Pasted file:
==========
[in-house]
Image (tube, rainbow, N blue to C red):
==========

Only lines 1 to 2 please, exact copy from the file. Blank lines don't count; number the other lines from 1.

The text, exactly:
[in-house]
Image (tube, rainbow, N blue to C red):